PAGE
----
Shaming a child for behavior doesn’t work—here’s what does

Punishment and shame don't create positive behavior change. Here's why experts say there's a better way.

why shaming children doesn't work

How often do we see a "misbehaving" child and think to ourselves, that kid needs more discipline? How often do we look at our own misbehaving child and think the same thing?

Our society is conditioned to believe that we have to be strict and stern with our kids, or threaten, shame or punish them into behaving. This authoritarian style of parenting is characterized by high expectations and low responsiveness—a tough love approach.

But while this type of authoritarian parenting may elicit "obedient" kids in the short-term, studies suggest that children who are shamed or punished in the name of discipline face challenges in the long-term. Research suggests that children who are harshly disciplined or shamed tend to be less happy, less independent, less confident, less resilient, more aggressive and hostile, more fearful and at higher risk for substance abuse and mental health issues as adults and adolescents.

The reason? No one ever changes from being shamed.


Research shows that punishing and shaming kids creates more misbehavior, not less.

Consider this scenario:

You've fallen behind at work. You're under the gun to finish a presentation and turn in an admittedly-sloppy final draft full of careless mistakes. You know you can do better, but you haven't been feeling well, have had insomnia for the past few weeks, and you're having a lot of anxiety about your health which has been interfering with your work performance. Upon reviewing the presentation, your boss storms into your office, slams it down on your desk and yells, "What is this garbage? My kindergartner can do better than this! If you don't have this entire thing redone by tomorrow, you're FIRED!"

How do you feel? You already felt awful and now you've just had a nice dose of shame to compound your feelings of misery. You might work hard to fix the presentation out of fear of being fired, and maybe you'll never turn in a half-baked presentation again, but did your boss's response help address the root of the problem? No. His angry, punitive response made you feel insignificant, misunderstood and angry. Both at yourself and at him.

Now consider this:

Same scenario, except after you hand in the presentation, your boss knocks on your door and asks if he can come in and talk with you for a moment. He sits down and explains that he looked over your presentation and was surprised that it wasn't up to your normal standards. He asks if everything is okay and genuinely seems concerned. You explain that you've had some recent health issues and you've been a bit preoccupied. Your boss listens attentively and empathizes, saying how sorry he is to hear that you've been having a rough time. He explains that you'll have to stay late to revise the presentation but suggests that you take a personal day to get some rest and make an appointment with your doctor.

How do you feel? Seen, heard and understood. Relieved. Cared for. You stay late and work extra hard to fix the presentation. You turn it in with confidence and head home feeling less anxious and empowered to finally see that doctor you've been avoiding.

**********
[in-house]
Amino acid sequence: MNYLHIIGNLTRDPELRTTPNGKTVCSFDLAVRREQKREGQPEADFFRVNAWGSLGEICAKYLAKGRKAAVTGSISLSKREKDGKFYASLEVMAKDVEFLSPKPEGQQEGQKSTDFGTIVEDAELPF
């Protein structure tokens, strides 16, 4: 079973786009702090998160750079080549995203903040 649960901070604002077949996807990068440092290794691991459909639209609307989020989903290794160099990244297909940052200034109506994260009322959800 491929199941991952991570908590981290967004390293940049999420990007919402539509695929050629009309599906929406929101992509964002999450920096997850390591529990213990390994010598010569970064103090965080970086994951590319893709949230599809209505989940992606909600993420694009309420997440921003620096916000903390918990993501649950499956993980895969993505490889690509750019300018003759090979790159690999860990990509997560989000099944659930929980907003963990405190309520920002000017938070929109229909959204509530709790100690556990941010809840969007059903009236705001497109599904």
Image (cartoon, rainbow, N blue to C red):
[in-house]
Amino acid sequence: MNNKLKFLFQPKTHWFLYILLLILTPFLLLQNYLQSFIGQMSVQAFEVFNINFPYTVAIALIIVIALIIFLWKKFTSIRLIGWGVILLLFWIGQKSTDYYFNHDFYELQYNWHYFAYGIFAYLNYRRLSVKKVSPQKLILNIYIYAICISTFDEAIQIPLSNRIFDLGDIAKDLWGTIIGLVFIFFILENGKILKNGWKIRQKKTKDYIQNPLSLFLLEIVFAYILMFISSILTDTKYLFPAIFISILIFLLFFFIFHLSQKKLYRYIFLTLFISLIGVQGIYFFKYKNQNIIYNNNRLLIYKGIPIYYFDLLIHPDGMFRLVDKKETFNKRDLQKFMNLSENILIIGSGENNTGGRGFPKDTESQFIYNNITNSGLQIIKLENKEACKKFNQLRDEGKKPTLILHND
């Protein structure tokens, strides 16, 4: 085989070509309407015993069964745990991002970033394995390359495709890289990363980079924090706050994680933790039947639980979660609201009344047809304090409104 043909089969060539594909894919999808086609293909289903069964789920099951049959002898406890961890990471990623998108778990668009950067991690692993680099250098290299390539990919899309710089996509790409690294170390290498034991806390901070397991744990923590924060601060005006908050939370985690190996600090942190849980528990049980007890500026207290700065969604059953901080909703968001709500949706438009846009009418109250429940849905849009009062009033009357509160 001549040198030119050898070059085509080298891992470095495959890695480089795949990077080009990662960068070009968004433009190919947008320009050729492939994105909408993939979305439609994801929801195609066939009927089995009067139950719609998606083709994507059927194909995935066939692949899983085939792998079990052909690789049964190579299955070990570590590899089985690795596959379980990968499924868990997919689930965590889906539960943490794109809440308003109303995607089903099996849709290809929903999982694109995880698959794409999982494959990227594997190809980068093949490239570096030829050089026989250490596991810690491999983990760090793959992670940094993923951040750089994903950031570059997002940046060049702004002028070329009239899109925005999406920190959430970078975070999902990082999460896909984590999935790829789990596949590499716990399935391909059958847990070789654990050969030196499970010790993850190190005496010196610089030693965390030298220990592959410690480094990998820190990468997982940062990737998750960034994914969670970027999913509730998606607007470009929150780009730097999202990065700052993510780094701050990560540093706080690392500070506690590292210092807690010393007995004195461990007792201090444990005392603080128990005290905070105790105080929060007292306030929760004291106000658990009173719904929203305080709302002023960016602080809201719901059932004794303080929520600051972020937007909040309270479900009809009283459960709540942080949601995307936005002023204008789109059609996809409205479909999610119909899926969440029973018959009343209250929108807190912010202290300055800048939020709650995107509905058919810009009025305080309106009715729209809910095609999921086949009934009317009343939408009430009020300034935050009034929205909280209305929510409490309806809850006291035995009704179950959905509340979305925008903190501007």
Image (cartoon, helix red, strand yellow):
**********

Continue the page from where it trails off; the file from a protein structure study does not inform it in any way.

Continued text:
In the heat of the moment dealing with negative behavior from our child—a huge meltdown over a toy they can't live without, or some action we think they should "know better" than to do—we may instinctively react with shame and punishment, thanks to how prevalent this disciplinary reaction is in our culture. But shame and punishment never result in lasting or positive change. It may seem like the easy way out to yell at our kids, to send them to time out, to shame them with our words and punish them with our actions. But this only disconnects us, creates fear and anger in our children and lessens our influence on them.

We do not need to punish our kids to teach them a lesson, just as we don't need to be punished in order to shift our behavior.

"But how will my child learn to behave?" parents ask.

They learn through our modeling.

They learn through connection, love and compassion.

They learn through being seen, heard and understood.

They learn through consistent and firm limits.

They learn through guidance.

We have to let go of our tired and ineffective all or nothing thinking—If I don't draw a hard line, my kid won't learn how to behave—and we need to embrace a new paradigm—I can have high standards for my child's behavior and tune into and be responsive to her emotional needs. It doesn't have to be one or the other, it can be both.

When we replace the old adage "spare the rod, spoil the child," with the motto, "children need the most love when they're acting the least deserving of it," we will begin to create a new parenting paradigm that will result in happier, healthier and more resilient kids.

Next time your child acts out, instead of reacting with shame or punishment, try getting down on their level, mirroring his frustration by saying something like, "I see you are having a hard time," then giving them a hug. You'll be pleasantly surprised by the outcome.

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